I grew up in Batesville, too. My mother, Virginia Handford Johnston, once had an antique shop at the Garrot House. We lived in the red brick on the corner of Ninth and Main Streets.
    Nice pictures.

  6. November 3, 2008 at 4:21 am

    Carla, thank you so much for commenting. I love living histories.

  7. February 17, 2009 at 6:46 pm

    My sister-in-law’s family is from Batesville. It’s been a few years since I’ve visited but it is a lovely part of the state. 🙂

  8. December 3, 2012 at 4:52 pm

    I like the valuable info you supply for your articles.

    I will bookmark your weblog and take a look at once more here frequently.
    I am reasonably sure I’ll be informed many new stuff proper right here! Good luck for the next!

  9. 10 Meredith
    March 23, 2013 at 7:20 pm

    I loved this. I lived in Batesville as a little girl and always wanted to have my mom drive me up and down those streets liking at the beautiful homes. As an interior designer now I find that I still gravitate to those memories for my inspiration.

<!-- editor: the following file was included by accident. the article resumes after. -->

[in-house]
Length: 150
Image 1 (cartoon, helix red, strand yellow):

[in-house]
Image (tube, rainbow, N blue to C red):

10. May 4, 2013 at 8:04 pm

    I am sure this paragraph has touched all the internet users, its really really fastidious piece of
    writing on building up new blog.

  11. May 31, 2014 at 1:31 am

    My father Howard Johnston and my grandparents Oza Hill Johnston and Ernest Johnston were from Batesville. I visited as a child and would love to return. I wish I knew if I still have family there. Thanks for the beautiful tour.